Long before Mayor Dick Greco was attempting to become the oldest Mayor in the history of Tampa, he was the youngest. Before he boasted of the experience he would bring to the mayoral position, he was the mayor with little experience. Before he was a political legend with his own statue, he had to defeat a political legend that was posthumously honored with a statue. Before he became Mayor Dick Greco, he had to defeat Mayor Nick Nuccio in the 1967 mayoral election, one of the hottest elections the city of Tampa has ever seen, an election that billed the young, handsome upstart against the old political legend. It was a heavyweight battle that changed the history of the city of Tampa forever. And it was a battle that started in 1963 when Mayor Dick Greco was known as City Councilman Dick Greco.
January 10, 2011, marked the 150th anniversary of Florida’s secession from the United States. Florida followed South Carolina and Mississippi and was the third state to leave the Union. The Civil War began three months later when Southern forces fired on Union-held Fort Sumter in Charleston Harbor. The opening shots of the war were almost directed at Fort Pickens in Pensacola Harbor, but President Abraham Lincoln decided to resupply the South Carolina fort instead.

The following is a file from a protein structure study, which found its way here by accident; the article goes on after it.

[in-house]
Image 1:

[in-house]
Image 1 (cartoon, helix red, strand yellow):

During the 1940s, Tampa was embroiled in political corruption. Organized crime and political patronage were rampant. So, with the aid of a few close friends, Albert Knapp began publishing an underground newspaper. The mimeographed paper featured open letters mysteriously signed "Abispo Verdi" in a squiggly hand. Knapp certified each letter using a green stamp pad as "official" with the impression of an anopheles mosquito poised to strike. Albert selected the name Abispo Verdi to mimic the popular radio show, The Green Hornet. He wrote his manifestos in a broken English dialect using Spanish and Italian words that confused grammar and spelling. Each manifesto focused on a particular local scandal and illuminated dirty tricks and chicanery, often in verse and always in ingenuous and humorous terms, with names changed slightly: Raul became Baul (meaning footlocker); Spoto became Spots; Spicola became SpiCocaCola.